Creating a sustainable apiary and bee business is a careful balance between adequate sales and carefully managing your time and costs. This talk will explore options to standardise your equipment, your beekeeping practices and the way you utilise your time and beekeeping kit. If you wish to optimise what you do and have the capacity to expand the enterprise, you must review how you get the best outcomes for minimal effort.

“Expanding the Enterprise”

Having acquired enough colonies to create a meaningful cash surplus from the bees and bee products, how much and which way could and should you expand to fully immerse yourself into your beekeeping business as your sole source of income? There are choices to be made along the way that cannot be avoided, but many are based on your personal preferences and your current and potential skills. This talk explores how to understand how many bees and bee products you may wish to handle based on your own personal goals, creating a source of income that will reward the input effort.

Kevin Thorn

Kevin Thorn

Before becoming a beefarmer, Kevin spent 32 years with Midland Bank plc and HSBC Bank plc. In this time Kevin ran a team of commercial and Agricultural relationship managers across Norfolk, Essex and Suffolk advising thousands of small, medium enterprises on their financial needs and assessing business plans and proposals.

Since becoming a beefarmer in 2015, Kevin transformed his beekeeping hobby into a profitable bee-farm, Stour Valley Apiaries and in 2017 his wife Julie Thorn founded Busy Bees Cosmetics to utilise the beeswax byproduct. Busy bees supplies wholesale cosmetics to 30 beekeepers and bee farmers across the U.K.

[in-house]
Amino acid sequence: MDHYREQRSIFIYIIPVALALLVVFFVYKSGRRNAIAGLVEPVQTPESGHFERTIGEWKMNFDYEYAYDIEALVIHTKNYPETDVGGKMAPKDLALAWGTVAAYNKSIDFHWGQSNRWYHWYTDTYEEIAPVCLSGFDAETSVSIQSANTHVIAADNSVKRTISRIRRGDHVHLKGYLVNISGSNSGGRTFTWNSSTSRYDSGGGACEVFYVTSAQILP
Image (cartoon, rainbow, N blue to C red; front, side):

Kevin operates 100 colonies in South West Suffolk and North Essex and sells his honey wholesale in jars across East Anglia.

“Running the Business”

Expanding the enterprise isn’t just about producing more product, as there are other considerations needed. In this presentation, I will briefly cover business planning, structure, taxation and outsourcing.

“Adding value”

In this presentation I will cover the important topics of bee farming business models and markets.


Roger Patterson

Roger Patterson

Roger started beekeeping in 1963 and has always been involved with more stocks than the average beekeeper. In addition to a full-time job and a young family, he managed 130 colonies for about 15 years, selling honey, bees and queens, in addition to supplying bees, mainly for top fruit pollination, to the many small-scale growers in his area of West Sussex. He currently has about 35 stocks, in addition to being apiary manager of Wisborough Green BKA.

“CaSCA: What’s it all about?”

CaSCA is a new initiative from BIBBA that is intended to help beekeepers who sell hive products through at least one regular outlet, which could be anything from the home or workplace, to a network of outlets. Once colony numbers are increased, there becomes a need to increase efficiency, reduce costs and adopt colony management methods that are more advanced than the ordinary beekeeper is taught.

This presentation discusses the history of CaSCA, the purpose of it and how it can help beekeepers who wish to progress from their initial training.

“Beekeeping: Can we make it pay?”

This wide-ranging presentation looks at several ways in which beekeepers may reduce the costs of their hobby and perhaps produce a surplus. Suggestions given are based on experience that has been gleaned from over 60 years of beekeeping with up to 130 colonies. There are tips for those who wish to expand their hobby to provide an income, whatever size, with suggestions to make savings in time and expense, as well as using simple and more efficient management techniques than are often used.